Sunday, February 22, 2009

Figures of Speech (and Art?)

When it comes to narrowing down all of the wild and fascinating lectures offered every week into three blurbs, sometimes I don’t even know where to start. This week’s attempt includes:

“Evaluating Climate Change Institutions: Justice or Legitimacy?”
on Tuesday February 24, 4:30 in Betts Auditorium, Architecture Building – Continuing the Princeton Environmental Institute’s “Ethics and Climate Change” lecture series, Prof. Robert Keohane of the Woodrow Wilson School will explain why the idea of justice, a fluctuating moral compass that can never achieve universal uniformity, is so common in policy discussion but still almost entirely useless as a standard by which to judge the politics of climate change. Keohane will investigate the effectiveness of legitimacy, the idea that an institution should prove why it should lead and others should follow, as an ethical substitute for justice in the context of environmental policy. Go because you’re not entirely sure what this means (I definitely don’t), and stay to find out because it actually sounds pretty cool.

“Global Health and Development: Prospects in a New Administration”
on Wednesday February 25, 4:30 in Dodds Auditorium, Robertson Hall – Michael Gerson, former Bush administration policy advisor and longtime senior speechwriter for the same, talks health, development, religion, foreign policy, and democracy in this lecture sponsored by the Woodrow Wilson School and the Office of Graduate Career Services. As a senior fellow at the Council on Foreign Relations and a “Newsweek” contributor, Gerson knows his stuff. Go because anyone who writes a book called ““Heroic Conservatism: Why Republicans Need to Embrace America's Ideals (And Why They Deserve to Fail If They Don't)” is probably a little combative; stay because it’s always fun to watch combative people get upset about something they really care about.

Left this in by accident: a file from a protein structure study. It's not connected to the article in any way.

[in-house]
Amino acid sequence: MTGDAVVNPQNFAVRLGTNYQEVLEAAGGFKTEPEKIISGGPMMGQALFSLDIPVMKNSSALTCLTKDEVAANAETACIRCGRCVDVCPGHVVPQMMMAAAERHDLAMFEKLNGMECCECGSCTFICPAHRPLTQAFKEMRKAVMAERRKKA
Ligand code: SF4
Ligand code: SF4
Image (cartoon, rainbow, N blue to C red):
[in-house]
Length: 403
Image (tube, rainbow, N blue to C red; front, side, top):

“Small French Paintings: Bonnard and Vuillard” on Friday February 27, 12:30 in the Art Museum – Visiting the Art Museum isn’t the first thing that comes to mind when you try to think of interesting lectures at Princeton, but it is definitely one of my favorite places to explore. In the intimate gallery talk presented by Caroline Harris, curator of academic and education programs, you’ll get to know the museum a little bit better (which is a lot more than many students). Go because you know nothing about small French paintings; stay because (knowing Prof. Harris) you will come out of there feeling (and sounding) like a connoisseur.


Anonymous said...

"Visiting the Art Museum isn’t the first thing that comes to mind when you try to think of interesting lectures at Princeton." I understand what you mean, that the quiet nature of an art museum makes it an unlikely location for a talk; however, your phrasing not only borders on the illogical, it seems to question how interesting/intelligent an art talk could really be. It's difficult to consider all of the possible ways you may be offending the public, but as a journalist, that is your duty.

Anonymous said...

I think Anonymous is reading way too much into that one phrase. All the author was trying to get across is that it was rare for a segment normally focusing on big McCosh 50-style lectures to focus on something located at the Princeton Art Museum, a more intimate setting. Why do some of us feel the need to just criticize all the time? In the spirit of leaving positive comments, great Figures of Speech this week! Sounds like some fascinating events are going on around campus.